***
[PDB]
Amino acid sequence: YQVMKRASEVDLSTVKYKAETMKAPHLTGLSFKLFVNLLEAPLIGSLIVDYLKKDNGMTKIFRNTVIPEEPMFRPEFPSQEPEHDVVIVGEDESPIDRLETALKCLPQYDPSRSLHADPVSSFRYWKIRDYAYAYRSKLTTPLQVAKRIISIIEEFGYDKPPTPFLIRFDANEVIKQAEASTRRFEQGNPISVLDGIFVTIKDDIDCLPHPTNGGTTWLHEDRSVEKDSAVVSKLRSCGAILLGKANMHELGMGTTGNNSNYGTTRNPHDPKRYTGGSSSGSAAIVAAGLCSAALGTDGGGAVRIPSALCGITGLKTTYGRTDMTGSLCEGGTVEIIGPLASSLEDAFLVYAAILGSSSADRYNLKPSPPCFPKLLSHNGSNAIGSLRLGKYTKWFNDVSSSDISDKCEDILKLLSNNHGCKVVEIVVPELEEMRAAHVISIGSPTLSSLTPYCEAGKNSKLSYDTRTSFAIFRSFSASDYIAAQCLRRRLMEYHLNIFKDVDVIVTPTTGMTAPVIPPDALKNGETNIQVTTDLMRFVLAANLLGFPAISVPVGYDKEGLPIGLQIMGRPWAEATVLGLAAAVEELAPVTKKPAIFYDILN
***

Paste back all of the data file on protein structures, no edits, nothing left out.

[PDB]
Amino acid sequence: YQVMKRASEVDLSTVKYKAETMKAPHLTGLSFKLFVNLLEAPLIGSLIVDYLKKDNGMTKIFRNTVIPEEPMFRPEFPSQEPEHDVVIVGEDESPIDRLETALKCLPQYDPSRSLHADPVSSFRYWKIRDYAYAYRSKLTTPLQVAKRIISIIEEFGYDKPPTPFLIRFDANEVIKQAEASTRRFEQGNPISVLDGIFVTIKDDIDCLPHPTNGGTTWLHEDRSVEKDSAVVSKLRSCGAILLGKANMHELGMGTTGNNSNYGTTRNPHDPKRYTGGSSSGSAAIVAAGLCSAALGTDGGGAVRIPSALCGITGLKTTYGRTDMTGSLCEGGTVEIIGPLASSLEDAFLVYAAILGSSSADRYNLKPSPPCFPKLLSHNGSNAIGSLRLGKYTKWFNDVSSSDISDKCEDILKLLSNNHGCKVVEIVVPELEEMRAAHVISIGSPTLSSLTPYCEAGKNSKLSYDTRTSFAIFRSFSASDYIAAQCLRRRLMEYHLNIFKDVDVIVTPTTGMTAPVIPPDALKNGETNIQVTTDLMRFVLAANLLGFPAISVPVGYDKEGLPIGLQIMGRPWAEATVLGLAAAVEELAPVTKKPAIFYDILN